And I suppose you know the caps are under pressure from the springs, so when you are taking them off they will want to fly across the room, and going back on you have to compress the spring while turning the cap, that's another reason to be careful not to cross thread the caps.

Don't be afraid to turn the forks upside down once you have them off. The only loose parts will be the spring preload spacers (10" long tubes), the washers that go between the spacers and the springs, and the springs themselves. There are no small parts to lose unless you have the damping rods out (that's another job all together).
 

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One more thing.

I didn't change the seals on my VLX, but the Suzuki DR350 I had needed fork seals.

I found a PVC adapter at Lowe's that is shaped like a funnel. I measured the seal diameter and made sure the small end of the adapter was close to same measurement and the larger end was obviously larger. The adapter is about 3" long.

I used it as a seal driver to install the new seals.
 

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+1 on doing the fork caps after loosening the clamps, if you don't have a center stand this job can get a little hairy, you have to get the wheel off the ground which means the bike can and will be unstable so take precautions using another person or tying it down.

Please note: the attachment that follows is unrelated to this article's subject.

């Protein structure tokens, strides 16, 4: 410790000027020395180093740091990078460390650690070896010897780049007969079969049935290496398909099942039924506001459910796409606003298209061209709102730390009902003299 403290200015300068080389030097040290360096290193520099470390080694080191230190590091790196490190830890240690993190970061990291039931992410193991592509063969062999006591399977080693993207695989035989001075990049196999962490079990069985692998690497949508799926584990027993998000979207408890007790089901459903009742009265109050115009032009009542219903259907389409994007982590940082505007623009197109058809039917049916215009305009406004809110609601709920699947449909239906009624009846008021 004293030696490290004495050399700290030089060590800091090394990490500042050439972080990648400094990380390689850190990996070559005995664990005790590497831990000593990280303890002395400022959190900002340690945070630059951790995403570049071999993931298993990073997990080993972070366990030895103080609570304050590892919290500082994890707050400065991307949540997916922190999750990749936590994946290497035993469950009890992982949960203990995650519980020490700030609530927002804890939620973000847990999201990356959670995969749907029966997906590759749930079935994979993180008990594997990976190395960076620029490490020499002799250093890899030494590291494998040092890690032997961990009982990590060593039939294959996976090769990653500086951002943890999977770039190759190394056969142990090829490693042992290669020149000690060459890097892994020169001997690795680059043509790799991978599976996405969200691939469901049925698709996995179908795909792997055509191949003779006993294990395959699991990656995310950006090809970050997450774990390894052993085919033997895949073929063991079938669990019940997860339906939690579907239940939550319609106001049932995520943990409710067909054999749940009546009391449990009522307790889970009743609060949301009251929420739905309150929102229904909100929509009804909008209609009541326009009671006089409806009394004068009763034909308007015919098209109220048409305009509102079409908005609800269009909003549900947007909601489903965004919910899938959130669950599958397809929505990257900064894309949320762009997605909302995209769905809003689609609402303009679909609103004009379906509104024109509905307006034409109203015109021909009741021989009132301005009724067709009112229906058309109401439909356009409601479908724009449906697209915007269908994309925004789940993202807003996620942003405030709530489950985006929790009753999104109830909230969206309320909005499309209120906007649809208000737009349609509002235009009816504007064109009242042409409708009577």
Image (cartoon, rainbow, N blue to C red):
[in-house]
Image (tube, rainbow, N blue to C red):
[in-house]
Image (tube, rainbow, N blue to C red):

When putting the caps back in get the cap flush on the fork and turn it backwards untill you feel a click then carefully turn it forward, they will cross thread in a heart beat so take your time, this can be done off the bike and it's advisable to do so if you have a vise or a way to hold the fork well enough to take the pressure it will take to get the job done,,it's quite a bit.

I would suggest that you go up one grade Wt. with the oil (from8 to 10) it makes for better handling.

You don't need a driver for the seals but it sure helps, not only to seat them but to protect the seal while doing so.

Your bike doesn't have all that many miles on it so it might just be something that is caught inbetween the fork and seal, try useing a thin feeler gage and slide it in a up and down motion around the seal, that might be all it takes, you got nothing to lose doing it,,,,,, except a lot of work.
 

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Hi. I gather that you're inquiring about tips for removing the front wheel and forks. Replacing fork seals have enough nuances of it's own to deserve a separate thread. At any rate, if you don't happen to have the aforementioned spark plug wrench in your bike's tool pouch that serves double duty as an axle wrench, below is a pic of a standard axle hex wrench (adapter). Some of these don't have the 17mm step on them for the Shadow 600 axle bolt. I had to buy twice for my Shadow 600.